Until now, research on this topic has been limited to theoretical considerations (e.g., De Valck, 2007; Iordanova, 2009; Loist, 2016) or individual, qualitative case studies (e.g., Vallejo, 2015; Sun, 2015; Peirano, 2018). The fact that data are not available or not accessible in an easily usable form contributes to this research gap. In order to empirically investigate complex temporal and spatial circulation patterns within the festival circuit and ensure the quality of the data, the project draws on several data sources.

2. Combining Digital and Traditional Data Sources

New sources of digital data can help answer new research questions as well as use new approaches in answering old ones. While these new sources can help us collect data that was previously unavailable, they also pose challenges such as the necessity for interdisciplinary team work as well as the important assessment of data quality. These aspects are currently discussed in the area of the Digital Humanities (DH). For example, the work by the Kinomatics research group led by Deb Verhoeven demonstrates how empirical data from new digital sources can be used for research questions in film studies (cf. Verhoeven, 2016; Coat, Verhoeven, Arrowsmith & Zemaityte, 2017; Coate & Verhoeven, 2019).  

New digital sources of data, often referred to as found (Japec et al., 2015), organic (Groves, 2011) or trace data (Golder & Macy, 2014; Stier et al., 2019) are sometimes criticized for not being suitable for research purposes due to poor data quality. Such general claims and skepticism, however, can be replaced by empirical investigation of the quality given a concrete research question. Organic data differ from traditional sources (often referred to as designed data) in the purpose and control over their creation (Groves, 2011). If we create a questionnaire for a survey or build an archive, we have a set of specific research questions in mind and actively oversee the data collection process. Organic data is being collected unobtrusively as a byproduct of other processes and not for a purpose of answering specific research questions. For example, an online program of a film festival is primarily created to announce films and not to serve as a sample of research data. Yet, we can also use these data to study programming of film festivals or the relationship between certain characteristics of films (e.g., production countries, genre, and gender composition of creative teams).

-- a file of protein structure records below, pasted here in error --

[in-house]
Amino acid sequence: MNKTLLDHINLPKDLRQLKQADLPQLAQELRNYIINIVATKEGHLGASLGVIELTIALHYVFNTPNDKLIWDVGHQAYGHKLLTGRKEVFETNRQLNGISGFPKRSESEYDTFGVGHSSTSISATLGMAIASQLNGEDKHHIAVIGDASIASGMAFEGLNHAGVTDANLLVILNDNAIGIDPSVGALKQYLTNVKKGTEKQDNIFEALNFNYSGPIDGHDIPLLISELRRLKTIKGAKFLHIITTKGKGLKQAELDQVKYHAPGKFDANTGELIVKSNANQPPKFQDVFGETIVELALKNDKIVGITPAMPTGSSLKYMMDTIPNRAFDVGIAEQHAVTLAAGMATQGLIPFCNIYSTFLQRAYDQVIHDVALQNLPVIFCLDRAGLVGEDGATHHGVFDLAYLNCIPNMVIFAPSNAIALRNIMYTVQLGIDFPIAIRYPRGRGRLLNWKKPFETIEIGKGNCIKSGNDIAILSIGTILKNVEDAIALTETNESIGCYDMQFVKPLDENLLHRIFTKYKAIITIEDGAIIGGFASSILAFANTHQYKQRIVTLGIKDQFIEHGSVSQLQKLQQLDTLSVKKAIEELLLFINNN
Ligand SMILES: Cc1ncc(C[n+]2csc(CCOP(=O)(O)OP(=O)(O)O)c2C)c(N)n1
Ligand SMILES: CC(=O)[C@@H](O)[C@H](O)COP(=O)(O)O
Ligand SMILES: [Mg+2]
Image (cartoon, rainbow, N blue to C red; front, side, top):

Given the above mentioned constrains of organic data, it is tenable that these sources have a number of data quality problems that need to be taken into account. Organic data are often incomplete, erroneous, and selective (Japec et al., 2015). For instance, films that are available on IMDb probably have systematic differences in certain characteristics from those not available on IMDb (e.g., smaller films or short films might be less represented on the platform). Although we cannot assure comprehensive data quality of these data sources, we can (empirically) evaluate their fitness for specific research questions. Moreover, we should acknowledge that no method of data collection is perfect, and we always have to be clear and transparent about its limitations and its data generation processes – routes and procedures by which data come into a database. Researchers and practitioners working with data are increasingly adopting strategies of data integration, since it allows the best tradeoff of strengths and weaknesses given specific research questions (Hill et al., 2019).